Sunday, August 04, 2019
“Sex”—Mae West as you never thought you’d see her!
Many know Mae West as a sex symbol and purveyor of bawdy double entendre, as well as an advocate of sexual independence.
Did you know that she was also a playwright?
Yes, Mary Jane West, who many know only from her famous lines, “You only live once, but if you do it right, once is enough," "Too much of a good thing can be wonderful," and "It is better to be looked over than overlooked," wrote many play scripts including “Sex” which now is onstage at The Shaw Festival.
The pillar of sexuality had a seven-decade career as a performer in amateur shows and beauty contests, as well as vaudeville and Broadway productions. She later moved to Hollywood where she gained fame and fortune on the silver screen.
Her career was capped when The American Film Institute named her 15th among the greatest female stars of classic American cinema.
“When her cinematic career ended, she wrote books and plays and continued to perform in Las Vegas and in the United Kingdom, on radio and television, and she recorded rock and roll albums.”
West’s Broadway career started in 1926 with the play, “Sex,” which she wrote, produced and directed. The production was panned by the critics. One review stated, “The play is nasty, infantile, amateurish, and has vicious dialog.” Another commented, “We were shown not sex but lust—stark naked lust.”
The city officials raided the theatre, arrested West and the entire cast. She was prosecuted on morals charges and for "corrupting the morals of youth."
Instead of paying a fine, in a good publicity stunt, she chose to go to jail. It is reported that “while incarcerated on Welfare Island, she dined with the warden and his wife; she told reporters that she had worn her silk panties while serving time, in lieu of the burlap the other girls had to wear. She served eight days with two days off for good behavior. Media attention surrounding the incident enhanced her career by crowning her the darling bad girl who had climbed the ladder of success wrong by wrong.”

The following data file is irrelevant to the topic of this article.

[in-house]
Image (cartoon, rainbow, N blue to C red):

Audiences loved the show and the arrest publicity and awarded it with good ticket sales for the 375 performance run. The marquee boasted the bright, glittering word ‘SEX’ and posters were shouting “Sex with Mae West.”
Eventually, “the guards of morality in New York had had enough. After complaints from key religious and political figures permanently closed the show.”
What was the fuss all about?
The story centers on Margy LaMont, an ambitious prostitute, who, in search of a better life, travels from a Montreal brothel to a Trinidad night club to a Connecticut upper class dwelling. The humorous and sex innuendo–loaded plot is filled with gangsters, sailors and society matrons while displaying both tongue-in-cheek and out-and-out humorous incidents and inciting language.
The production is cleverly directed by Peter Hinton-Davis. Creative scene changes, inventive use of cross-dressing, and a key eye on the humorous, leads the audience on a fun-filled, often outrageous journey.
The cast is outstanding. Diana Donnelly looks like Mae West, but wisely makes the role of Margy hers, not doing a West-like imitation. She textures the lines, indicating not only a fine sense of comic timing, but the ability to wring meaning from the speeches.
Though it is sometimes hard to accept her as a him, Julia Course gives the correct illusions to the role of Jimmy, Margy’s wealthy young lover.
Fiona Byrne does a nice turn as Clara, the society woman caught in an act of deviance.
Jonathan Tan is touchingly brilliant as Agnes, a put-upon prostitute.
The costumes, set and lighting all enhance the production.
Capsule Judgment: “Sex” is a delightful surprise. Besides getting a compelling production at The Shaw, it is an eye-opener into the life of an American sex symbol who not only fought censorship, but once quipped, “I believe in censorship. I made a fortune out of it.” This is a must see show!
WHERE: Jackie Maxwell Studio Theatre
WHEN: Runs through October 13.